Saying you're sorry is HARD.
The other week I said something really jerky to my best friend; the minute it came out of my mouth I regretted it.
I knew I had to apologize, but it took me a couple of hours because I was embarrassed by my poor behavior. I ended up feeling miserable the whole time I was formulating my apology - but when it was done, I felt a weight lifted off me.
"I'm sorry" is probably a phrase that leaves the most bitter taste in your mouth out of all the things passing your lips. But an apology can be the sweetest thing for someone else to hear and a balm to you as well if its sincere.
While its not easy to apologize and you may not want to - there are powerful benefits for you when you do.
1. Less Stress and Anxiety
When you know you've hurt someone, not only do they feel bad - YOU feel terrible.
The negative emotions can manifest physically and mentally. Need examples? How about depression, anxiety, heart disease, and muscle aches.
Doesn't sound too great does it?
Not saying sorry can also wreak havoc on your nervous system and get in the way of thinking clearly.
Who needs that jazz? Just apologize.
2. Reinforce Relationships
One of the 5 aspects of self care is Social Self Care.
This pertains to actions that nurture and deepen the relationships with people in your life.
Do you want to be deeply connected with the ones you love the most?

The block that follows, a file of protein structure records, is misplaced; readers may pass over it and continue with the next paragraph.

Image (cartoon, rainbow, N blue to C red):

Sincerely apologizing gives you freedom to be vulnerable and intimate with the people you may have hurt.
You may stay away from people you know you should apologize to because you're embarrassed. Don't let your pride get in the way of a person you value.
Try out this I'm Sorry Card, its beautiful and has an apology quote written inside if you don't have the words.
3. Apologizing is Intentional
Saying or doing something hurtful is - most of the time - a mistake. Its something we wish we could erase.
I know I don't like making mistakes and the first thing I do is try to make the situation right.
That is intent.
Making a mistake, hurting someone's feelings is not intentional. Sincerely apologizing and admitting fault is being your best intentional self.
By taking responsibility, you are taking control to make things right and being purposeful about the outcome.
What's better than that?
Get a move on...
Maybe while you've been reading this, a person's face popped into your head.
You know what? Its time to give that intentional apology.
Need some help trying to think of ways to say "I'm sorry"? Try these:
Take 3 minutes to collect yourself, a deep breath, pick up the phone, and call
Write a heartfelt apology note or letter
Give an intentional self care gift - like this
Bake them something sweet
What's a way that's worked for you when you have to apologize? Leave a comment - it may help someone out!